The environment won a temporary reprieve in the recession as Americans slammed the brakes on one of their favorite pastimes: consuming stuff.
But while the austerity brought by a battered economy has cut pollution, it has also hit investment in green technology, which could damage the environment in the longer term, experts say.
“Certainly, in the short-term we are using fewer resources … (but) I’d much rather see a healthy economy,” said economist Dean Baker, co-director of the Washington-based Center for Economic and Policy Research.
As the downturn has made people more frugal, landfill volumes have dropped and sales of appliances like air conditioners have plummeted.
Data suggests Americans are more open to using public transportation and reusing goods.
“There’s an unavoidable benefit, in the sense that they do consume less. There’s no getting around that. Fewer houses are being built, less sprawl,” said David Cassuto, professor of environmental law at Pace University.
The construction slump is a key reason garbage-dump volumes have declined, according to those in the industry. Sector-wide estimates are not available, but Waste Management, the top U.S. trash and recycling company, said its landfill volumes fell 13.6 percent in the first quarter from a year ago.
Americans are driving less, even though gasoline prices have tumbled from last year’s highs above $4 a gallon.
Many people are taking other small steps to cut costs where they can, even if it means appearing a little less crisp.
Dry cleaning has dropped about 20 percent from last year, the National Cleaners Association in New York estimates.
Lynette Waterson, owner of Crystal Cleaning Center in San Mateo, California, said the recession has made a big dent in dry cleaning frequency.
“I think people are probably not cleaning their clothes as often as they might under previous circumstances,” she said.
Research shows people have shifted their perception of what they need.
A Pew Research Center poll in April found the number of people who viewed clothes dryers as a necessity tumbled by 17 percentage points in 2009 from 2006. There was a 16 point decrease in those who viewed air conditioners as a necessity.
Alexander Lee, executive director of Project Laundry List, a nonprofit group that promotes line-drying clothes to save energy, said the recession brought an uptick in interest in his organization.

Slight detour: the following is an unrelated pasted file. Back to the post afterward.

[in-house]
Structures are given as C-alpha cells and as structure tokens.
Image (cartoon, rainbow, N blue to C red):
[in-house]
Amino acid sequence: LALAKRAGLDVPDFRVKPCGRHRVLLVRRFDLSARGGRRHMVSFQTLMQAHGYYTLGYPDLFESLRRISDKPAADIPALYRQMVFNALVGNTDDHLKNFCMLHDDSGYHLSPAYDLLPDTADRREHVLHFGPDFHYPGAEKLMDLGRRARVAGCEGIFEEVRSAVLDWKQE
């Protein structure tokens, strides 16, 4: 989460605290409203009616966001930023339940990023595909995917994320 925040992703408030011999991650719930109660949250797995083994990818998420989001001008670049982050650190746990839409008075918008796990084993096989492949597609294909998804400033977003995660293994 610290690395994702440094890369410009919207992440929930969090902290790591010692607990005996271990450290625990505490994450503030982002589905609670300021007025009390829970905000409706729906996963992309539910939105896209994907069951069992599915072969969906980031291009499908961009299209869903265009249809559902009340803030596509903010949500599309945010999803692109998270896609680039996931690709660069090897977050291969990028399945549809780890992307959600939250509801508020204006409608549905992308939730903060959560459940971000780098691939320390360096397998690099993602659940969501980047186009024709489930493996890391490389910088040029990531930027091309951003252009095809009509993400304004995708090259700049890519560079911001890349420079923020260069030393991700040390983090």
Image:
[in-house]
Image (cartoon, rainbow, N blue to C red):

According to the Association of Home Appliance Manufacturers, air conditioner sales in June plummeted 60 percent from a year earlier. Year-to-date, purchases are down 39 percent. Sales of all major appliances were down 29 percent for June and 19 percent year to date.
But reduced consumption may be temporary, said experts who bemoaned a decline in major investments in green energy that could benefit the environment in the longer-term.
“It’s not a long-lasting or sustainable reduction,” said Andy Stevenson, financial analyst for the National Resources Defense Council.
Americans are consuming less, but many have also lost their jobs and have little disposable income.
“If you’re driving less because you are not employed, that doesn’t really count to me,” Stevenson said.
Recycling volumes have declined with the value of commodities and as municipalities try to cut costs, said Bruce Parker, president of the National Solid Wastes Management Association.
Although no major metropolitan areas have decided to abandon the practice, some have considered putting recycling programs on the chopping block, he said.
Some investors have scrapped plans for clean energy ventures as financing for major projects shrinks.
The amount of new U.S. wind-power development is expected to fall for the first time since 2004 as tight credit and lower oil prices prompt a focus on smaller projects.
“A lot of deployment of solar and wind were on a very aggressive schedule and now they are being pared back a bit because of the recession,” Stevenson said.
T. Boone Pickens, the billionaire oil man, has scaled back his plan to build the largest wind farm in the country.
Others say costs of cleaning up or protecting the environment are easier to bear during good economic times.
A fuel tax to cut carbon emissions, for example, might be more palatable to voters when times are flush than when unemployment is in the double digits, Baker said.
“People don’t mind paying a 50 cent tax on gasoline when they just got a two percent raise,” he said.
Credit: Rebekah Kebede